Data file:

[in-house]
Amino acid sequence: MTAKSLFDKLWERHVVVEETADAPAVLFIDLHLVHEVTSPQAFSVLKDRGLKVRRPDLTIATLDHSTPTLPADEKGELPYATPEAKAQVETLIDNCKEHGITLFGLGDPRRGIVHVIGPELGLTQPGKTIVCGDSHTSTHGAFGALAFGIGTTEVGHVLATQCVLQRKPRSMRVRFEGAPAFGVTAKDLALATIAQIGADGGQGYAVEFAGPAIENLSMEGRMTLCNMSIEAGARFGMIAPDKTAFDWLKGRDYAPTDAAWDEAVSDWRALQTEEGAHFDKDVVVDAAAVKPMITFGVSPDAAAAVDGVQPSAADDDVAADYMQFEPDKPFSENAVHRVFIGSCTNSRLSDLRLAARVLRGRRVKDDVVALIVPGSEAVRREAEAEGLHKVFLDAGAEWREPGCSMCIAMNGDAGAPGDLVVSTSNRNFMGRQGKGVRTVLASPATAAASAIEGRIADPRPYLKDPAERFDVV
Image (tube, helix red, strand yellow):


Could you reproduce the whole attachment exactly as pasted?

[in-house]
Amino acid sequence: MTAKSLFDKLWERHVVVEETADAPAVLFIDLHLVHEVTSPQAFSVLKDRGLKVRRPDLTIATLDHSTPTLPADEKGELPYATPEAKAQVETLIDNCKEHGITLFGLGDPRRGIVHVIGPELGLTQPGKTIVCGDSHTSTHGAFGALAFGIGTTEVGHVLATQCVLQRKPRSMRVRFEGAPAFGVTAKDLALATIAQIGADGGQGYAVEFAGPAIENLSMEGRMTLCNMSIEAGARFGMIAPDKTAFDWLKGRDYAPTDAAWDEAVSDWRALQTEEGAHFDKDVVVDAAAVKPMITFGVSPDAAAAVDGVQPSAADDDVAADYMQFEPDKPFSENAVHRVFIGSCTNSRLSDLRLAARVLRGRRVKDDVVALIVPGSEAVRREAEAEGLHKVFLDAGAEWREPGCSMCIAMNGDAGAPGDLVVSTSNRNFMGRQGKGVRTVLASPATAAASAIEGRIADPRPYLKDPAERFDVV
Image (tube, helix red, strand yellow):